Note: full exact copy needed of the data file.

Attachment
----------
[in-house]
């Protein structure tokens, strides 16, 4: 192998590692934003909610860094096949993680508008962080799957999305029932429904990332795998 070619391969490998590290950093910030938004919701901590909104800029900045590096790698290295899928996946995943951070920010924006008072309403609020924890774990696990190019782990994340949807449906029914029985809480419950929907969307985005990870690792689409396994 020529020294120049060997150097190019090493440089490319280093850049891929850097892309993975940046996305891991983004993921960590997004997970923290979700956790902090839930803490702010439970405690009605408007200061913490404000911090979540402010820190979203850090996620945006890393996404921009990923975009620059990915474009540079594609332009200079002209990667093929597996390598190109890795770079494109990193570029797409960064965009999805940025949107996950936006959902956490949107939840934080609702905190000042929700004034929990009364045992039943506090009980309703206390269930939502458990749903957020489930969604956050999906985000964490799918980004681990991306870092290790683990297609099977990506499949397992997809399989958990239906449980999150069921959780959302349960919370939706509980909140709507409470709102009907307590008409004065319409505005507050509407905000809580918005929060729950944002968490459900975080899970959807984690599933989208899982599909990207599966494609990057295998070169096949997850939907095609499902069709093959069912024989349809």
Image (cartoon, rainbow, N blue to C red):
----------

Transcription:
[in-house]
């Protein structure tokens, strides 16, 4: 192998590692934003909610860094096949993680508008962080799957999305029932429904990332795998 070619391969490998590290950093910030938004919701901590909104800029900045590096790698290295899928996946995943951070920010924006008072309403609020924890774990696990190019782990994340949807449906029914029985809480419950929907969307985005990870690792689409396994 020529020294120049060997150097190019090493440089490319280093850049891929850097892309993975940046996305891991983004993921960590997004997970923290979700956790902090839930803490702010439970405690009605408007200061913490404000911090979540402010820190979203850090996620945006890393996404921009990923975009620059990915474009540079594609332009200079002209990667093929597996390598190109890795770079494109990193570029797409960064965009999805940025949107996950936006959902956490949107939840934080609702905190000042929700004034929990009364045992039943506090009980309703206390269930939502458990749903957020489930969604956050999906985000964490799918980004681990991306870092290790683990297609099977990506499949397992997809399989958990239906449980999150069921959780959302349960919370939706509980909140709507409470709102009907307590008409004065319409505005507050509407905000809580918005929060729950944002968490459900975080899970959807984690599933989208899982599909990207599966494609990057295998070169096949997850939907095609499902069709093959069912024989349809």
Image (cartoon, rainbow, N blue to C red):